# Page:Wittengenstein - Tractatus Logico-Philosophicus, 1922.djvu/145

TRACTATUS LOGICO-PHILOSOPHICUS

but "${\displaystyle (\exists x,y).f(x,x)}$"; and not "${\displaystyle (\exists x,y).f(x,y).\sim x=y}$" but "${\displaystyle (\exists x,y).f(x,y)}$".

(Therefore instead of Russell's "${\displaystyle (\exists x,y).f(x,y)}$": "${\displaystyle (\exists x,y).f(x,y)\lor (\exists x).f(x,x)}$".)

5.5321 Instead of "${\displaystyle (x).fx\supset x=a}$" we therefore write e.g. "${\displaystyle (\exists x).fx.\supset .fa:\sim (\exists x,y).fx.fy}$"

And the proposition "only one satisfies ${\displaystyle f()}$" reads : "${\displaystyle (\exists x).fx:\sim (\exists x,y).fx.fy}$".

5.533 The identity sign is therefore not an essential constituent of logical notation.

5.534 And we see that apparent propositions like : "${\displaystyle a=a}$", "${\displaystyle a=b.b=c.\supset a=c}$", "${\displaystyle (x).x=x}$", "${\displaystyle (\exists x).x=a}$", etc. cannot be written in a correct logical notation at all.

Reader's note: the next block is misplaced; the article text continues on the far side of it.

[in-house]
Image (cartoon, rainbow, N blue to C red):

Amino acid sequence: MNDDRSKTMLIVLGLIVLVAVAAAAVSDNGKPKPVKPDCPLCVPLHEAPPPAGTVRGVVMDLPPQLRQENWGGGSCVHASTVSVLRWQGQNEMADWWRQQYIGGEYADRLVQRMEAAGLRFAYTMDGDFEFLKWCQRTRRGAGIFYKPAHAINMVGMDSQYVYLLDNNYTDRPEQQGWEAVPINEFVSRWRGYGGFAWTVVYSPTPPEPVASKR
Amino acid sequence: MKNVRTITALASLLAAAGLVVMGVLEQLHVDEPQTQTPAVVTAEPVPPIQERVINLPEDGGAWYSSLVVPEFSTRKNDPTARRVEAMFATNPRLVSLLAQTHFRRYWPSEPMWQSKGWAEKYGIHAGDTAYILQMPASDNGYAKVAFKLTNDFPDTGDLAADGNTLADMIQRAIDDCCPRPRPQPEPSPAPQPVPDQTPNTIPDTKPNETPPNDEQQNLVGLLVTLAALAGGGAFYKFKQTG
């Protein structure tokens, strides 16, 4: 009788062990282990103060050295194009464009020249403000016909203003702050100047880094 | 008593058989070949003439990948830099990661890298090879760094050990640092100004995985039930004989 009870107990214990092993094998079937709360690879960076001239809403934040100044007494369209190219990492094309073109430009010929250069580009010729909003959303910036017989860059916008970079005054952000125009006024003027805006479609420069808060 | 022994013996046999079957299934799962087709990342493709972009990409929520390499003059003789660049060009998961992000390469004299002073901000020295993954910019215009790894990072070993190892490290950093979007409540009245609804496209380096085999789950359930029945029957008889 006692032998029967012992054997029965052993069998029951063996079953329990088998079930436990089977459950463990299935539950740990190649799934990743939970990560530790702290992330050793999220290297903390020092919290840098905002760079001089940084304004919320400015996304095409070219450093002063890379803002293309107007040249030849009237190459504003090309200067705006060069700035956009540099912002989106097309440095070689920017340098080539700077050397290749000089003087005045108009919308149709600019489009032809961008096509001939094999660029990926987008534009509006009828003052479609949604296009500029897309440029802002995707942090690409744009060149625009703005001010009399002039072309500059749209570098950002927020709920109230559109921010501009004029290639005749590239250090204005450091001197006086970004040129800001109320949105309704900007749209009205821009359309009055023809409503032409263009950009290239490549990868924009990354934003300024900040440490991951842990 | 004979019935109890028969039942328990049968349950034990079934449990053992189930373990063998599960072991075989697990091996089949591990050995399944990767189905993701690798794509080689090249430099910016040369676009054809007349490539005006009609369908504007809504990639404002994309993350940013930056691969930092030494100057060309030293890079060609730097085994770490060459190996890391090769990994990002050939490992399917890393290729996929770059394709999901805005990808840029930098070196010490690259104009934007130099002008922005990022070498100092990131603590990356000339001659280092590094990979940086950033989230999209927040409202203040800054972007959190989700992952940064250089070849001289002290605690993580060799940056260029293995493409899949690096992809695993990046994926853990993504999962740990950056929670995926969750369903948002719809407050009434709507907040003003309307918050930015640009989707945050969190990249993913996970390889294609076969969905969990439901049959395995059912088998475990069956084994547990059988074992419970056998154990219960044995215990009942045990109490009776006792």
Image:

5.535 So all problems disappear which are connected with such pseudo-propositions.

This is the place to solve all the problems which arise through Russell's "Axiom of Infinity".

What the axiom of infinity is meant to say would be expressed in language by the fact that there is an infinite number of names with different meanings.

5.5351 There are certain cases in which one is tempted to use expressions of the form *"${\displaystyle a=a}$" or "${\displaystyle p\supset p}$". As, for instance, when one would speak of the archetype Proposition, Thing, etc. So Russell in the Principles of Mathematics has rendered the nonsense "p is a proposition" in symbols by "${\displaystyle p\supset p}$" and has put it as hypothesis before certain propositions to show that their places for arguments could only be occupied by propositions.

(It is nonsense to place the hypothesis ${\displaystyle p\supset p}$ before a proposition in order to ensure that its arguments have the right form, because the hypothesis for a non-proposition as argument becomes not false but meaningless, and because

the proposition itself becomes senseless for argu-
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